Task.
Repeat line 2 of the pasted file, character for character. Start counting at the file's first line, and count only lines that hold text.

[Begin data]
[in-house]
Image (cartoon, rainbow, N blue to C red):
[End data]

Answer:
Image (cartoon, rainbow, N blue to C red):